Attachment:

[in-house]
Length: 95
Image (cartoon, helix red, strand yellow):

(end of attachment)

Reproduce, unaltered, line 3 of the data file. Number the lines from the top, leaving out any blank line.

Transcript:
Image (cartoon, helix red, strand yellow):